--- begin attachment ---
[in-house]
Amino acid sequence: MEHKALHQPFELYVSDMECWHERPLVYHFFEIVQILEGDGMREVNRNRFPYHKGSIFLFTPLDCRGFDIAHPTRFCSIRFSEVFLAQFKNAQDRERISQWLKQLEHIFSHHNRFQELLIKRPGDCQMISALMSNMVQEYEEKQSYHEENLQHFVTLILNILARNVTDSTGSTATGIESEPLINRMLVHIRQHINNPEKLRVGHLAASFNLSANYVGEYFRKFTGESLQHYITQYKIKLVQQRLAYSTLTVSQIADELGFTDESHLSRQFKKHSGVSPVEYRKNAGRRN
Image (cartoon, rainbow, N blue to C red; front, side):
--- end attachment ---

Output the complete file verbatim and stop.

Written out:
[in-house]
Amino acid sequence: MEHKALHQPFELYVSDMECWHERPLVYHFFEIVQILEGDGMREVNRNRFPYHKGSIFLFTPLDCRGFDIAHPTRFCSIRFSEVFLAQFKNAQDRERISQWLKQLEHIFSHHNRFQELLIKRPGDCQMISALMSNMVQEYEEKQSYHEENLQHFVTLILNILARNVTDSTGSTATGIESEPLINRMLVHIRQHINNPEKLRVGHLAASFNLSANYVGEYFRKFTGESLQHYITQYKIKLVQQRLAYSTLTVSQIADELGFTDESHLSRQFKKHSGVSPVEYRKNAGRRN
Image (cartoon, rainbow, N blue to C red; front, side):